Maybe it’s the temperature; maybe some cat hair; maybe it’s just gotten too old. I’ve let it warm up, pulled out the screwdrivers to pull it out and. Lean the connections, and so on… But it looks like I’ll be hauling the thing into the shop tomorrow. With luck, I’ll just have to pay for a bit of labour for them to run some disk-fix software. With less luck, I’ll need to buy a new hard-disk and copy my old data onto it… And I really hope I don’t have worse luck than that.
On a more positive note, I’ve gotten an idea for a one-chapter story, which could be doable as either a side-story to “Myou’ve” or be entirely independent; I might write it up to leave either option open. My preliminary title is “Hopestone”. I’m willing to try new ways of writing with it, such as editors or beta readers, if anyone reading this wants to suggest anyone.
(Man, it’s annoying to use an iPhone’s onscreen keyboard instead of touch-typing.)
How much is your life worth to you?
If you suffered from a disease which might strike you down at any time; and a treatment was available, which cost six thousand dollars per year… would you be willing to scrape together that much cash for it? If the best available treatment only had a fifty percent chance of success… would you be willing to pay three thousand a year it? If the best available treatment only had a five percent chance of success… would you be willing to pay three hundred a year for it?
My own answers to all three questions are ‘yes’.
After reading and researching about cryonic preservation, my best estimate of its success – that is, eventual revival – is somewhere in the neighbourhood of five percent. I have also learned that arrangements can be made for one’s own cryonic preservation for around three hundred dollars per year. I have filled out the forms, signed the paperwork, sent in my first installment. (If you want to know how to sign up yourself, feel free to ask.) Put simply – I’m putting my money where my mouth is.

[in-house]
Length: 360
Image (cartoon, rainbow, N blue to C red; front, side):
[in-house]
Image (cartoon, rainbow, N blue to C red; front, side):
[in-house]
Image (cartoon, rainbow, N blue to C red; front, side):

Medically, the procedure I have signed up for isn’t “freezing”, which involves ice; instead, it’s “vitrification”, which lowers the body’s temperature in a way that avoids the creation of tissue-damaging ice crystals.
Legally, according to the “Uniform Anatomical Gift Act” of my cryonic provider’s location, and the “Trillium Gift of Life Act” of my home province, what I’ve actually signed up to do is donate my whole body for scientific research. There’s no actual guarantee that, if vitrified, I will ever be revived – though that is the goal being aimed for.
Philosophically, I have not encountered any significant evidence in support of the idea of an immortal soul. The best conclusion I’ve been able to reach is that minds are processes created by brains, and when the brain is sufficiently damaged, the mind ceases to exist, like a candle blown out. If it’s possible to avoid dying, I’d rather avoid it; and for a number of causes of death, like getting hit by a car, there aren’t really any ways to avoid them, and only a few possible ways to even potentially survive such lethal levels of damage to the body… but people keep coming up with new tricks all the time, and it’s possible that whatever does end up killing me will be curable at some point in the future – and it’s also possible that the vitrification process will be reversible at some point in the future. I’ve already mentioned my estimate of that possibility.
So… if I don’t manage to live long enough for a technological Fountain of Youth to be discovered, then, if all goes well (or at least as well as possible, given that I’ll be dead), my body will be transformed into a glass statue – and, like Sleeping Beauty, like Rip Van Winkle, like the various Kings Sleeping Under the Mountain… like Han Solo in carbonite, like Dave Lister, like Khan Noonien Sing, like Ellen Ripley, like Philip J. Fry, like Captain America in the iceberg, like Buck Rogers… like Rana sylvatica… I will await the possibility of my eventual awakening.
And if it doesn’t work, then, worst-case scenario is that I just stay dead. Which is what would happen if I never signed up for cryo in the first place.